+ 2016 - The more things change...
THIS NEWSLETTER IS THE 23rd WRITTEN, and many of you have followed every vintage — thank you. For those joining us more recently, let me point out a few landmarks since we set our first vines into soil at Beaux Frères in 1988. We planted the site now called Upper Terrace in 2000 and began farming biodynamically at both Estate properties, avoiding conventional sprays in favor of gentle tonics like dandelion and stinging nettle tea.
We’ve expanded the winery (our dear old pig barn) more times than I can recall, and have begun to replace own-rooted vineyard blocks with vines on protected rootstock. At the helm of winemaking these days is the second generation, my middle son, Mikey Etzel, who grew up alongside our original vines.
This year, with the retirement of my brother-in-law, Robert Parker, and our business partner, Robert Roy, Beaux Frères began a new partnership with 8th generation, French family-owned Maisons & Domaines Henriot. This means we are now even more connected to the Old World winemaking traditions that have always inspired our work.
"Beaux Frères is a perfect fit with the traditions and values of my family, built over many generations. In the warmth that we immediately felt with the Etzel family, I sensed a meeting of the minds and the flame of shared artistic passion and know-how.” Gilles de Larouzière, President of Maisons & Domaines Henriot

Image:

The 2016 growing season provided all the necessary elements to produce a promising wine. Only time will determine greatness. After a sunny summer, we harvested our warmest site on August 25th, fruit sourced from Guadalupe Vineyard. On September 30th the last fruit came in from Hyland Vineyard, our coolest source. Our Estate vineyards, Beaux Frères and Upper Terrace, came in block by block between those dates. Harvesting grapes throughout a 30-day period provides a flow of work that is not overly demanding. The weather, for the most part, cooperated, making for another enjoyable vintage. I think you will be pleased with the result.
As always, thank you for your years of trust in us — a collection of talented people who take pride in their work.
+ 2015 - 25th Anniversary
As we approach the release of our 2015 wines next spring, we're eager to share a special 25th harvest edition of our newsletter. Please see the attachment to read a reflection by co-owners Robert M. Parker Jr., Michael G. Etzel, and Robert Roy.
This time of year, just after the freshly harvested grapes are fermented and placed into barrels, we take a few moments to breathe and reflect on last year’s work. Whether your experience with our wines is extensive, or you’ve just joined our world, we hope you’ll enjoy this brief retrospective on 2015…
The 2015 growing season began a bit early with just the right amount of sun/rain/heat for a successful bud break and no frost damage, enabling a perfect bloom one month later. After abundant sunshine through July, we began to fear things were a bit too dry. But, an ideally timed drizzle in mid-August brought relief to both plant and human.
All in all, Vintage 2015 was a pleasant reminder of the prior year’s growing season. When an early wave of fruit came in from the youngest blocks of Beaux Frères Vineyard on September 9th, we were off to a brisk pace. After a compressed picking period, the final blocks came in from our coolest sites, Hyland and Zena Crown, on September 23rd.